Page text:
In 3 person camp, they emphasized the Trail going deeper...like to top of the key.
I encourage the 28' mark as the initial set-up for Trail.
Anyone else?
mick
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Old Thu Feb 02, 2006, 11:36am
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Quote:
Originally posted by blindzebra
If it is 2 person, it is far better to get beat occasionally than bailing on your partner too soon or working too high at trail that you miss plays or lose credibility because of the length of the call.

If you are getting beat in 3 person or on plays that are not changing possession even or behind you then you have a problem.

It could be fitness.

It could be the plow you are pulling.

Or it could be that you are routinely not doing what the name suggests, TRAILLING the play, or when you move you are not on the balls of your feet so you must re-set them to change direction.
An inexperienced official who can't anticipate the COP well can compensate by being able to run like a gazelle.

An experienced official can get a few extra steps by being aware of the change in possession or by anticipating the COP well. Once you've done this for a while, you can see an uncontested clean rebound before the ball's in the rebounder's hands.

I get beat once a half or so in varsity games. I'm not a fast person. I'll get an angle from behind. Doesn't bother me a bit.
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Old Thu Feb 02, 2006, 11:41am
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I think you will get beat more than a few times under the right circumstances in games. Many of these kids are pretty good athletes and if we all think we are not going to get beat we are not being honest with ourselves.

Mick, the 28' mark is usually a good start. On a shot I will go as low as the top of the 3 point line. If the Trail has to call a foul in the lane on a rebound he/she should not be much higher than the 3 point line in my opinion. Most of the players are going to go inside the 3 point line on most rebounds and you will get beat if the ball comes off the rim hard and a team starts throwing the ball up court. I know when I work games I might get beat 4 or 5 times if the right kind of style is played.

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Old Thu Feb 02, 2006, 12:53pm
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Jeff this wasn't boys varsity, it was girls jv.

sun -- I've always struggled with getting beat, and here are some ways I'm starting (just this season) to deal with it better.

Evaluators in my neck of the woods are pretty harsh on trail being too far back during half-court play, and especially if we take a step back during the shot and rebounding action. I try to step down one good stretch when the shot goes up, and then as soon as it touches the rim, I'll rotate myself to be prepared to beat the fast break. If the ball bounces out to the top of the key, or if a player starts back, even without the ball, I"ll start a sprint, even if it means coming right back again. If the ball rebounds way out, and I start to go, and then it goes back in for another shot, I just step back down again. This has helped a lot.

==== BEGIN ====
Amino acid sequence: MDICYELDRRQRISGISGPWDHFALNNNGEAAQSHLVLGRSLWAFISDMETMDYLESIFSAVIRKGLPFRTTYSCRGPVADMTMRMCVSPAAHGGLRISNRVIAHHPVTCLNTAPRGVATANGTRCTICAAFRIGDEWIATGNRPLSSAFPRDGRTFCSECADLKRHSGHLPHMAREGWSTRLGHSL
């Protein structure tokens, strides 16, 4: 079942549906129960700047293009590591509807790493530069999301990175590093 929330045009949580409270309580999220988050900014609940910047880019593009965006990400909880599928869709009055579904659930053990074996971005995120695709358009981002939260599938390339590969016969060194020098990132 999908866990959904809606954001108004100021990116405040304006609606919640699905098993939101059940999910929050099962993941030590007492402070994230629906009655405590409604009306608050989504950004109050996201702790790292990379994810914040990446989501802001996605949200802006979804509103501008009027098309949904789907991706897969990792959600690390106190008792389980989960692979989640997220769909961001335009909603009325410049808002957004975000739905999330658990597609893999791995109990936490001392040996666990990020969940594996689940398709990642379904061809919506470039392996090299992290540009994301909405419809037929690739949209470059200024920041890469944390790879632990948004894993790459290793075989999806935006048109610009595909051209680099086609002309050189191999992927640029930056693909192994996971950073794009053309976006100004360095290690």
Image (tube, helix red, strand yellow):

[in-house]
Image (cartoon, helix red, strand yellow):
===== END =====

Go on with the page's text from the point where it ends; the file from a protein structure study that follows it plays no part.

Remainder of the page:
Also, if there is a fast break with the opponents side-by-side, one or two quick, long steps early on should put you in a good position out front. Stay wide enough that you can get a good angle between the players. If you see that you're not going to make it, drop back, and step toward the center, so that you can see between.

Around here the unwritten rule is that you shouldn't get beaten more than once or twice a game, except with a couple of specific teams that really make a religion of the fast-break plays.

If you work on it at the jv girls level, concentrating on the timing and rhythm of stepping down and cheating back at the right moments, you'll be able to move it up to varsity pretty easily.
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Old Thu Feb 02, 2006, 12:58pm
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Thank-you everone

Thank-you Rainmaker

It's my second-year with so much too learn. I've got plenty of hustle and heart and will work on this.
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Old Thu Feb 02, 2006, 01:15pm
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Quote:
Originally posted by rainmaker
Jeff this wasn't boys varsity, it was girls jv.
I understand that. The question was not just about JV girlÂ’s basketball and how not to get beat. I just did not want anyone to walk away from this post thinking they are not going to get beat. They could work College Women's basketball and you will get beat from time to time.

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Old Thu Feb 02, 2006, 01:17pm
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Re: Thank-you everone

Quote:
Originally posted by suntzu45
Thank-you Rainmaker

It's my second-year with so much too learn. I've got plenty of hustle and heart and will work on this.
Sun...where do you officiate?? Are there any good veteran officials in your area to work with?? Maybe just go to a varsity game and watch the officials. It is very hard to go to a game and not watch the game. But try to watch as little of the game as possible. Pay attention to the positioning and footwork of each official. Hopefully you will be able to pick up some things that will help.